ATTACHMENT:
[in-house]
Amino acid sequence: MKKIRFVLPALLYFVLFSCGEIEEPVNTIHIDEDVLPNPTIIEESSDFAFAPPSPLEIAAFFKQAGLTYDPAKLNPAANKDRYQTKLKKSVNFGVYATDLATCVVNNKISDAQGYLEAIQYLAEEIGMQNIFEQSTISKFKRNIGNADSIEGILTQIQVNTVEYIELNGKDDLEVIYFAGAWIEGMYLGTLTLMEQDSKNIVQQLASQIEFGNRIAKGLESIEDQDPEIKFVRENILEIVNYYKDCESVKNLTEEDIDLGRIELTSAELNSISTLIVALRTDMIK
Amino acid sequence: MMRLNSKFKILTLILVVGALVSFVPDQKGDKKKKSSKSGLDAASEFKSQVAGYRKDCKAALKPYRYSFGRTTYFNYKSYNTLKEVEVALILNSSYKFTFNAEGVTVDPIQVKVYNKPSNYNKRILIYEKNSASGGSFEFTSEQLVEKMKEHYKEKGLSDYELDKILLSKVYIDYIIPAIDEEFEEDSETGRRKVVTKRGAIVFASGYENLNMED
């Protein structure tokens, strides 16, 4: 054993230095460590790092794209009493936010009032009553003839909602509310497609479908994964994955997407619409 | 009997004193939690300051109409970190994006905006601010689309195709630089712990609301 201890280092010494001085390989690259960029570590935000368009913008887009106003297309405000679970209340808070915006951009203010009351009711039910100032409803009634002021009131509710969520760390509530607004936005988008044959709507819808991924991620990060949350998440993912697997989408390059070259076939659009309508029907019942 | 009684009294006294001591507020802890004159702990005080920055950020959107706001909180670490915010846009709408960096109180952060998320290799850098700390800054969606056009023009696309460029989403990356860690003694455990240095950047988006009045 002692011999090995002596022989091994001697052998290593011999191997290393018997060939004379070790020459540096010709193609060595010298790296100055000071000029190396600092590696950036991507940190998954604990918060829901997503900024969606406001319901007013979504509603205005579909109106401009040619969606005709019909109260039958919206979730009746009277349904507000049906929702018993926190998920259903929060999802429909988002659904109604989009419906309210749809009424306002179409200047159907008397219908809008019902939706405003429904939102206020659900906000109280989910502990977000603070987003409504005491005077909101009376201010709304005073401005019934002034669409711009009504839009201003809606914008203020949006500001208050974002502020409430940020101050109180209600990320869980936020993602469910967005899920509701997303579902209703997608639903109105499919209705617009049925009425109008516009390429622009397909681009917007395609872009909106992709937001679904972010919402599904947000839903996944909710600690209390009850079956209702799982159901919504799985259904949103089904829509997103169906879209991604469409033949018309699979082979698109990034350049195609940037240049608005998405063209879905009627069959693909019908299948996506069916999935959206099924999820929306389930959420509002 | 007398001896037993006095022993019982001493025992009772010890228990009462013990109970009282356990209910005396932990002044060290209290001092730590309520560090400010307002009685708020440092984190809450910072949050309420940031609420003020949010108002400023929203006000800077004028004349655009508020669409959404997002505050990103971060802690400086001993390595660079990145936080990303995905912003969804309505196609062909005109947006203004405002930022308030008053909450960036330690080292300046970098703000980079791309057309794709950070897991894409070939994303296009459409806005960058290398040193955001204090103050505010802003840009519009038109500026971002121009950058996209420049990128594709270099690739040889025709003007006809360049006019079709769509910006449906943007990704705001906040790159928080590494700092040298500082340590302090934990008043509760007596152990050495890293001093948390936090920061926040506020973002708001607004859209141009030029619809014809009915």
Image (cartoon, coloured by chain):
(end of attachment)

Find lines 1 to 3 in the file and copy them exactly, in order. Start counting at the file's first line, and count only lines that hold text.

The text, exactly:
[in-house]
Amino acid sequence: MKKIRFVLPALLYFVLFSCGEIEEPVNTIHIDEDVLPNPTIIEESSDFAFAPPSPLEIAAFFKQAGLTYDPAKLNPAANKDRYQTKLKKSVNFGVYATDLATCVVNNKISDAQGYLEAIQYLAEEIGMQNIFEQSTISKFKRNIGNADSIEGILTQIQVNTVEYIELNGKDDLEVIYFAGAWIEGMYLGTLTLMEQDSKNIVQQLASQIEFGNRIAKGLESIEDQDPEIKFVRENILEIVNYYKDCESVKNLTEEDIDLGRIELTSAELNSISTLIVALRTDMIK
Amino acid sequence: MMRLNSKFKILTLILVVGALVSFVPDQKGDKKKKSSKSGLDAASEFKSQVAGYRKDCKAALKPYRYSFGRTTYFNYKSYNTLKEVEVALILNSSYKFTFNAEGVTVDPIQVKVYNKPSNYNKRILIYEKNSASGGSFEFTSEQLVEKMKEHYKEKGLSDYELDKILLSKVYIDYIIPAIDEEFEEDSETGRRKVVTKRGAIVFASGYENLNMED